• Staff must keep data secure when travelling or using it outside the offices
  • Staff must take steps to ensure we are giving information only to authorised persons when it is requested. This involves requesting at least two pieces of security information that you can match with data we have on record, for example, a date of birth and a postcode.


Under the GDPR, people have the right to request a copy of any personal data we hold about them.

To do this, they must request a copy of the data either in writing, and this will be processed by Your Slimming Clinic. In almost all cases, this will be free of charge and provided within 30 days of receipt of the request.


On some occasions we may collect information about individuals that is defined by the GDPR as special categories of personal data, and special rules will apply to the processing of this data. In this policy we refer to “special categories of personal data” as “sensitive personal data.” The categories of sensitive    personal data are defined earlier in this document.

Purely financial information is not technically defined as sensitive personal data by the GDPR. However, particular care should be taken when processing such data, as the ICO will treat a breach relating to financial data very seriously.

In most cases, in order to process sensitive personal data, we must obtain explicit consent from the individuals involved. As with any other type of information we will also have to be absolutely clear with people about how we are going to use their information.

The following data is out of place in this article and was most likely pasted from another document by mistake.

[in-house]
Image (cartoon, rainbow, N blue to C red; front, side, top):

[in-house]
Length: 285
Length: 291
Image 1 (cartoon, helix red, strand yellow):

Your Slimming Clinic provides a medical service, so we have a legal and regulatory obligation to obtain and record certain information. As we are unable to legally provide our services without processing this data, we are unable to rely on “explicit consent” as there would be no way for a patient to refuse consent without being adversely affected.

Instead, Your Slimming Clinic relies on a ‘Lawful basis for processing’ -the data we process is    ‘necessary for the performance of a contract’, and is ‘necessary for compliance with a legal obligation to   which the controller is subject’.


We recognise that whilst there is no obligation for us to make an annual notification to the ICO under the GDPR, we consult with the ICO where necessary if and when we are carrying out ‘high risk’ processing.

We will report breaches (other than those which are unlikely to be a risk to individuals) to the ICO where necessary, within 72 hours. We will also notify affected individuals where the breach is likely to result in a high risk to the rights and freedoms of these individuals.


The company Directors and Management will review this policy annually to ensure that it is achieving its objectives